The primitive sound of the oboi d’amore lacks any sense of musicality. They are too loud, out of balance with each other and have the usual intonation problems. It must really bother Harnoncourt that these long notes were written out with such long note values (Harnoncourt even tries to shorten them a little because he is so accustomed now, after having complete ¾ of the cantata recordings, to shortening the bc in the secco recitatives.) The negative effects of this type of playing affect Equiluz as well. He departs from his otherwise lyrical style and begins to shout the words rather the sing them. Perhaps he is forcing his voice so that it can be heard over these horridly loud oboes. Does Harnoncourt follow Bach’s indication to use two oboi d’amore in unison in the tenor aria? No! This is probably a good thing, for Harnoncourt now decides to use a silly-sounding, clumsy bassoon (the very type of playing that Bach detested.) Again, Equiluz is forced to push his voice too much and loses the wonderful lyrical, expressive quality that he normally has.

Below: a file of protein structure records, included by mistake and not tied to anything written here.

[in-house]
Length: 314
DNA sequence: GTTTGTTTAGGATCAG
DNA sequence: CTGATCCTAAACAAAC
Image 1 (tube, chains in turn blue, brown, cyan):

Mvt. 5 Wittek, Immler:
If you thought that Rilling’s soloists were bad, this is much worse. The singing here is almost indescribably bad. Perhaps Immler is only slightly better than Wittek, but it really does not matter when the quality of singing has reached such a low level. How is it even possible to try to concentrate on the text and expression under these circumstances? Have you ever heard of a long held note in the voice receiving a special accent somewhere in the middle when the 1st beat in the measure occurs?

Mvt. 6 Chorale: